Powers Of Attorney: Who Needs Them And Why
The authority to make decisions on your own behalf is the very definition of autonomy. But while this power should never be given away carelessly, there are certainly times when it makes sense to designate decision-making authority to others. The legal mechanism for this is called power of attorney (POA).
In Nevada, the two basic types of POA are related to finances and health care. Moreover, in each of these areas, you can grant someone powers that are broad and general or narrow and specific.
Powers Of Attorney Related To Incapacity
Most of us associate POA status with aging and incapacity. A POA is also useful in other extraordinary life circumstances, such as when someone is at sea, unable to communicate and take care of business as usual. As part of the estate planning process, it is common to designate someone you trust to be your power of attorney if you ever lose the ability to make or communicate decisions on your own.
Durable financial power of attorney gives someone else the right to manage your assets on your behalf if you become unable to do so (usually due to factors such as dementia, coma or other debilitating conditions). This could include paying your bills, managing your investments, buying or selling property, and other day-to-day tasks.
Health care power of attorney allows someone to make decisions about your medical and end-of-life care if you cannot make or communicate such decisions on your own (for reasons of incapacity). When you create an advance health care directive, you designate power of attorney and prepare a living will. The living will states your medical care wishes such as when you would or would not agree to life-support measures. This document should guide the decisions made by your designated agent (with POA). It may help prevent disputes between family members or between your decision-maker and medical personnel.
Power Of Attorney For Business Matters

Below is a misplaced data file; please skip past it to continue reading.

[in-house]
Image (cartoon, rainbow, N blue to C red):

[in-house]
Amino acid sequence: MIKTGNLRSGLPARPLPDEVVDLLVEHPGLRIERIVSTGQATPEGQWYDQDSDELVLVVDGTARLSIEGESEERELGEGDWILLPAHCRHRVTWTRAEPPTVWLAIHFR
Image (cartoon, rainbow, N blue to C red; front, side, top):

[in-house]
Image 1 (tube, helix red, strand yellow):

Even if you are healthy and sharp-minded, granting power of attorney can be convenient for business or strategic purposes. If you live in Nevada, but conduct transactions nationally or internationally, you may grant POA to someone who can represent you in local business dealings.
For instance, let’s say that you just purchased property in New York, but cannot attend the closing in person. You might hire a New York lawyer to act on your behalf and grant him or her power of attorney. The other party doesn’t need to be a lawyer. It could be a spouse, another family member, or a trusted friend.
Any power of attorney designation, no matter how long-lasting, can be highly specific (limited to one purpose or action) or more general. Our firm can help you decide how to allocate these powers and draw up the paperwork needed to formalize the agreement.
Get Answers To Your Power Of Attorney Questions
If you need legal advice and representation in Las Vegas or surrounding areas such as in Henderson or Clark County, contact Avalon Law Group. We offer services in English, Spanish, Russian and Farsi. Our skilled attorneys are ready to help you with issues related to power of attorney or any other estate law matter. To schedule an initial consultation, call us at 702-522-6450 or send us an email. Se habla español.